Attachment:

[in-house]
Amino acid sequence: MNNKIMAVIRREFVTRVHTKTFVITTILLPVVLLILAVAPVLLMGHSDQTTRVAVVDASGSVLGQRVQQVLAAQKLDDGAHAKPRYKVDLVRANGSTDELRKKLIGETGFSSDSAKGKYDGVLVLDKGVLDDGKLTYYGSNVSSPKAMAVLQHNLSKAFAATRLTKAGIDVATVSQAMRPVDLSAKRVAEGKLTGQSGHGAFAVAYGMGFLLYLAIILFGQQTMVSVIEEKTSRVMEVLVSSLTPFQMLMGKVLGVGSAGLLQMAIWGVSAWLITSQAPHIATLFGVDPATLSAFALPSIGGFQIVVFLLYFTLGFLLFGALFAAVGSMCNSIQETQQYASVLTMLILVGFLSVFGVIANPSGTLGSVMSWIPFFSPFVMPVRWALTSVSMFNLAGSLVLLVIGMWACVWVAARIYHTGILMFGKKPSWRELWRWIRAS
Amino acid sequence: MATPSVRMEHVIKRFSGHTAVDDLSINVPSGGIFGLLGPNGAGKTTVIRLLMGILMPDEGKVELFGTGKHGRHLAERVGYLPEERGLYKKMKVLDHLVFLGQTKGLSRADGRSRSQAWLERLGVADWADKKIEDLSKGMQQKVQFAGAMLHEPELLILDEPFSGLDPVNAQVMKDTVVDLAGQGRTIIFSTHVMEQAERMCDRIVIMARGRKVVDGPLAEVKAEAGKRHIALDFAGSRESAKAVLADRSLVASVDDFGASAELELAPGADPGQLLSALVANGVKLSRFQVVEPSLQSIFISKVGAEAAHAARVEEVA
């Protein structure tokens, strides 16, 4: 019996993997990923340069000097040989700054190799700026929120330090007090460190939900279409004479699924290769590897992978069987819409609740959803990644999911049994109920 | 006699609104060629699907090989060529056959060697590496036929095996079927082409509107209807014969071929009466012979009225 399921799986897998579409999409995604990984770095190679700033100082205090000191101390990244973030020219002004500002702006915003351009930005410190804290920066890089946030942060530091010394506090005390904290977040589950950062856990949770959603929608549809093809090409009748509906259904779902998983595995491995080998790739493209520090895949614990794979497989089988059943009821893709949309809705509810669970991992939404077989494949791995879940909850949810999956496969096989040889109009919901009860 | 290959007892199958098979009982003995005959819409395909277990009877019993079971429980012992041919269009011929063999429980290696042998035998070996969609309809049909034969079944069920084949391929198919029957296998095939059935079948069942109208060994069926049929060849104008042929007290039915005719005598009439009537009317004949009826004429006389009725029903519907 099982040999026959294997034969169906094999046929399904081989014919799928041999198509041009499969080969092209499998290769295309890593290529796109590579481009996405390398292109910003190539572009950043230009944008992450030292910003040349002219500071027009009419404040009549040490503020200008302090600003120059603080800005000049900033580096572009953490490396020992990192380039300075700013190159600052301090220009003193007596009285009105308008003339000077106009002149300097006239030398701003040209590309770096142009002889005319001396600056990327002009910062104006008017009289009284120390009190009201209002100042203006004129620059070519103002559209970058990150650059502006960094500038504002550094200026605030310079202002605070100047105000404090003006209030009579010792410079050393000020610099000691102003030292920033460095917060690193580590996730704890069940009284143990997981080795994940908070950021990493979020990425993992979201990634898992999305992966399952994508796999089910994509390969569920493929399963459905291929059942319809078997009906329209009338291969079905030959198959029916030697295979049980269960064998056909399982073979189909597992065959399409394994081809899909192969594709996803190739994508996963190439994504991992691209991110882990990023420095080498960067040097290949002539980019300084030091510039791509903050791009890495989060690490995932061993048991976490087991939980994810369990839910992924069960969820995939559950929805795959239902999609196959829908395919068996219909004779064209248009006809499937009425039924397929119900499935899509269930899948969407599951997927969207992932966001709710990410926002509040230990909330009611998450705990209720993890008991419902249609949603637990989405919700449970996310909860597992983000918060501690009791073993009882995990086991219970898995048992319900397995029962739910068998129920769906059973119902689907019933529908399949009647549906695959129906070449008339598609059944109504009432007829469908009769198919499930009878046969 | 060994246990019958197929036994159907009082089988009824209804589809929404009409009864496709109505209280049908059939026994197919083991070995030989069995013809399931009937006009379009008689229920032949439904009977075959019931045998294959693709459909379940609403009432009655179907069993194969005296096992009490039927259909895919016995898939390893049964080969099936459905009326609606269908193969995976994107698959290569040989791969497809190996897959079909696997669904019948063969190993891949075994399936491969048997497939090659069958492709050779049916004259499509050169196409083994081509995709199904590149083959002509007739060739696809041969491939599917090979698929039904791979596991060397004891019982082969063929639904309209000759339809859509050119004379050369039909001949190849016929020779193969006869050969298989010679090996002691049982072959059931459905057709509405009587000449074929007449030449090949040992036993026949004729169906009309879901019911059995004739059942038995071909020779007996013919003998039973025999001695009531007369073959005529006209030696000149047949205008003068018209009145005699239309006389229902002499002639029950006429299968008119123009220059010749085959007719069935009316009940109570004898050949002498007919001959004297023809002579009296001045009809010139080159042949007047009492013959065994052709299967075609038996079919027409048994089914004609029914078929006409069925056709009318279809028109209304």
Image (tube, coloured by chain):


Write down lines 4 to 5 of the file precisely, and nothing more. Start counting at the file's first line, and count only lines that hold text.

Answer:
């Protein structure tokens, strides 16, 4: 019996993997990923340069000097040989700054190799700026929120330090007090460190939900279409004479699924290769590897992978069987819409609740959803990644999911049994109920 | 006699609104060629699907090989060529056959060697590496036929095996079927082409509107209807014969071929009466012979009225 399921799986897998579409999409995604990984770095190679700033100082205090000191101390990244973030020219002004500002702006915003351009930005410190804290920066890089946030942060530091010394506090005390904290977040589950950062856990949770959603929608549809093809090409009748509906259904779902998983595995491995080998790739493209520090895949614990794979497989089988059943009821893709949309809705509810669970991992939404077989494949791995879940909850949810999956496969096989040889109009919901009860 | 290959007892199958098979009982003995005959819409395909277990009877019993079971429980012992041919269009011929063999429980290696042998035998070996969609309809049909034969079944069920084949391929198919029957296998095939059935079948069942109208060994069926049929060849104008042929007290039915005719005598009439009537009317004949009826004429006389009725029903519907 099982040999026959294997034969169906094999046929399904081989014919799928041999198509041009499969080969092209499998290769295309890593290529796109590579481009996405390398292109910003190539572009950043230009944008992450030292910003040349002219500071027009009419404040009549040490503020200008302090600003120059603080800005000049900033580096572009953490490396020992990192380039300075700013190159600052301090220009003193007596009285009105308008003339000077106009002149300097006239030398701003040209590309770096142009002889005319001396600056990327002009910062104006008017009289009284120390009190009201209002100042203006004129620059070519103002559209970058990150650059502006960094500038504002550094200026605030310079202002605070100047105000404090003006209030009579010792410079050393000020610099000691102003030292920033460095917060690193580590996730704890069940009284143990997981080795994940908070950021990493979020990425993992979201990634898992999305992966399952994508796999089910994509390969569920493929399963459905291929059942319809078997009906329209009338291969079905030959198959029916030697295979049980269960064998056909399982073979189909597992065959399409394994081809899909192969594709996803190739994508996963190439994504991992691209991110882990990023420095080498960067040097290949002539980019300084030091510039791509903050791009890495989060690490995932061993048991976490087991939980994810369990839910992924069960969820995939559950929805795959239902999609196959829908395919068996219909004779064209248009006809499937009425039924397929119900499935899509269930899948969407599951997927969207992932966001709710990410926002509040230990909330009611998450705990209720993890008991419902249609949603637990989405919700449970996310909860597992983000918060501690009791073993009882995990086991219970898995048992319900397995029962739910068998129920769906059973119902689907019933529908399949009647549906695959129906070449008339598609059944109504009432007829469908009769198919499930009878046969 | 060994246990019958197929036994159907009082089988009824209804589809929404009409009864496709109505209280049908059939026994197919083991070995030989069995013809399931009937006009379009008689229920032949439904009977075959019931045998294959693709459909379940609403009432009655179907069993194969005296096992009490039927259909895919016995898939390893049964080969099936459905009326609606269908193969995976994107698959290569040989791969497809190996897959079909696997669904019948063969190993891949075994399936491969048997497939090659069958492709050779049916004259499509050169196409083994081509995709199904590149083959002509007739060739696809041969491939599917090979698929039904791979596991060397004891019982082969063929639904309209000759339809859509050119004379050369039909001949190849016929020779193969006869050969298989010679090996002691049982072959059931459905057709509405009587000449074929007449030449090949040992036993026949004729169906009309879901019911059995004739059942038995071909020779007996013919003998039973025999001695009531007369073959005529006209030696000149047949205008003068018209009145005699239309006389229902002499002639029950006429299968008119123009220059010749085959007719069935009316009940109570004898050949002498007919001959004297023809002579009296001045009809010139080159042949007047009492013959065994052709299967075609038996079919027409048994089914004609029914078929006409069925056709009318279809028109209304």
Image (tube, coloured by chain):